Holy Death, please safeguard me against all treachery, envy, hate, unemployment, and poverty,

and I ask that you please grant me _________.

Enlighten, with Your Holy Presence, my home, my workplace, and those of my loved ones.

Award us love, prosperity, health, and well-being.

Blessed and praised be Your charity, Holy Death.

Lord, I give You infinite thanks because I see Your charity.

The challenges I face every day are perfecting my spirit.

Lord, I give you thanks because in the midst of these challenges I always have Your holy blessing.

Amen.

Second Prayer with an Emphasis on Summoning a Wayward Lover

Dear Death of my heart, never leave me unprotected,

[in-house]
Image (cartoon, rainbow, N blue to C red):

and from this moment on let [NAME] have no more experiences or expectations of love apart from me;

Spirit, body, and soul of [NAME],

let it be his/her love, his/her kindness, his/her companionship, his/her loyalty,

his/her affection, his/her caresses, his/her kisses, his/her devotion and fidelity,

let it all be only for me.

With all the virtues You have acquired, I will overcome every obstacle.

Not illusion, nor delusion, will stand in my path.

Anything I desire, anything I propose myself to do, it will all help build a promising success for me.

This is the divine virtue God granted you.

In God I believe, but in You I trust.

[Pray “The Lord’s Prayer” three times.]

Prayer for Protection